From that moment on colored socks have almost always been part of the game which sometimes had its challenges.  When I was playing the equivalent of Little League in Wayne, New Jersey in the mid 1950's, our uniforms were very much like major league uniforms, heavy wool with long colored stirrup socks.  Unfortunately unlike today's socks, there was no elastic at the top of the socks to keep them in place so it wasn't long before player's socks were around their ankles, probably creating problems not unlike those presented by the "full length" pants of the game's early days.  My father solved that problem with elastic garters which held my socks in place so that even if I wasn't a ball player, at least I looked like one!


Photo by Mark Granieri

Embarrassing as falling socks may have been for 10 year olds in the 1950's, colored socks almost had far more lethal consequences.  On at least two occasions (Nap Lajoie in 1906 and Fred Merkle in 1910), players who were spiked suffered blood poisoning at least partially attributable to the colored dye in their socks.  Supposedly this was the origin of what became known as sanitary hose, white socks worn under the colored base ball socks.  This was, however, only a partial solution as wearing two pairs of socks often created problems with shoe sizes, a problem that was resolved with the stirrup sock so that only the white sanitary hose went into the shoe itself.


Modern day stirrup socks

By adding stripes to their socks, the Neshanock have gone a step past the basic plain vanilla, or in this case, plain red approach, but they have a long way to go to compete with some of the more risque approaches of earlier days.  For example, the Elizabeth Resolutes, who wear solid dark blue or black socks today, in 1870 impressed a New York Times reporter by "donning pink stockings."  The Elizabeth boys were plainly comfortable with their masculinity which they demonstrated in an easy victory over the Neptune Club of Easton, Pennsylvania.


New York Clipper - July 9, 1870

Socks are, of course, only one piece of a uniform, but they can be an important part of cutting edge fashions as witnessed by the above uniform worn by the Union Club of Morrisania in 1870 which has to be a contender for the most hideous base ball uniform of all time.  It would take a real effort to get a vintage team to wear something like that today, historical accuracy be damned!

1 comment:

  1. Richard HershbergerOctober 1, 2013 at 9:03 AM

    I don't think there is any question but that knickerbocker pants and long socks were introduced by the Cincinnatis in 1868. I suppose it is possible that some club was doing it earlier, but it was the Cincinnatis that made people take notice. Here is some commentary from 1868, critical of Harry Wright and with him of the attire:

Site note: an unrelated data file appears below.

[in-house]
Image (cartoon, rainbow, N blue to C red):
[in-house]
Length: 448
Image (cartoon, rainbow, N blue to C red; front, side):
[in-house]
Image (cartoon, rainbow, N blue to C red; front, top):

"What, again, our correspondent complained of, was Harry Wright’s ridiculous action on the field, forbidding such players as Waterman, Hatfield and Brainerd to hit at only such balls as he approved. The Athletic felt ashamed to see Americans being bamboozled in their own game, and that by a Britisher. As Wright plays the game, it is English all over, or as far as he can make it so-even to the uniform. ... All such nonsense as Wright indulges in about placing the men in position in the field, tends to make them ridiculous in the eyes of other clubs, particularly eastern associations, who know some little about usages, &c." Philadelphia Sunday Mercury August 2, 1868

    The Cincinnatis in 1868 were a good but not great club. The Philadelphia Sunday Mercury was repeatedly scornful of Wright that year. This excerpt is but one example. The following year the club went on its rampage, The Phila Sunday Mercury maintained a discreet silence about its earlier commentary.

    On a different note, I am trying to figure out what is the practical difference between 1864 and 1873 rules? No bound game, of course, and overrunning first base. What else? There were important developments in the size and composition of the ball, but vintage base ball doesn't really try to follow that. There were changes in the rules about pitching, but again, vintage base ball is not good at reenacting period pitching. Similarly with umpiring. By 1873 umpires were routinely, though not invariably, calling balls and strikes in something resembling the modern manner. In 1864 they were not, but many vintage bb umpires act as if they were. So of the things that vintage bb is equipped to simulate, is there any difference other than no bound game and overrunning first?

    ReplyDelete